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As the Bay Area hemorrhages professionals in the tech industry and tech companies are clamoring for Texas' lower taxes, untapped land and rapidly growing population, it might seem like Austin's tech sector is exploding.

But in the midst of COVID-19 and remote work, a LinkedIn study shows many young professionals are getting a 'lightbulb moment' to move to emerging tech hubs, not established ones like San Francisco, New York City or even Austin.

The city actually lost tech sector employees over the last year, despite money moves from companies like Tesla and Oracle. Austin had a -8% year-over-year change in tech workers this past year. Young professionals working in IT and software services instead made Miami, Houston and Dallas home after getting their foot in the door of a career.

(Laura Figi/Austonia)

The data also shows the Bay Area lost the most tech workers, consistent with California's declining population in 2020 revealed last week.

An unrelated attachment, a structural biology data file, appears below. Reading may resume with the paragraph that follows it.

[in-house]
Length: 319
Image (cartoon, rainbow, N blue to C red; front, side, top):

Austin need not be concerned about it's tech decline though—companies need much more variety than just tech workers on staff. For every 10,000 new LinkedIn members in April, 119 of them were in Austin, by far the highest on the list.

This study comes after the Austin-Round Rock-Georgetown area saw the third-largest growth by percentage in the U.S. over the last 10 years, according to the U.S. Census Bureau. Austin also ranked No. 2 for digital nomads to live, or people who hop from place to place working remotely.


(Austonia file photo)

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Austin's real estate market broke multiple records in 2021. (MaxPixel)

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